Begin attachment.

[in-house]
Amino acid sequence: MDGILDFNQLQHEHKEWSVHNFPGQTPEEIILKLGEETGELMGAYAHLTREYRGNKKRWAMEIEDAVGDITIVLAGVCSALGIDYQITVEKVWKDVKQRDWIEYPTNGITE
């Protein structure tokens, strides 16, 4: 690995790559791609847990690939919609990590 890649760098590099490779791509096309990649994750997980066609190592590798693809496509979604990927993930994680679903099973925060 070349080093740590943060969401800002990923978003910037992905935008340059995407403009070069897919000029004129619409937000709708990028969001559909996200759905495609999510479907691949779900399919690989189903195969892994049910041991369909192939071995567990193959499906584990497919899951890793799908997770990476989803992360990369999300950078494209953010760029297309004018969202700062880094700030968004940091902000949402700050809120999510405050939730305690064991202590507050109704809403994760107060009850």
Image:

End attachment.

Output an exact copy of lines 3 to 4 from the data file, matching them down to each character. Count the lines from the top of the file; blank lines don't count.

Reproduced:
């Protein structure tokens, strides 16, 4: 690995790559791609847990690939919609990590 890649760098590099490779791509096309990649994750997980066609190592590798693809496509979604990927993930994680679903099973925060 070349080093740590943060969401800002990923978003910037992905935008340059995407403009070069897919000029004129619409937000709708990028969001559909996200759905495609999510479907691949779900399919690989189903195969892994049910041991369909192939071995567990193959499906584990497919899951890793799908997770990476989803992360990369999300950078494209953010760029297309004018969202700062880094700030968004940091902000949402700050809120999510405050939730305690064991202590507050109704809403994760107060009850």
Image: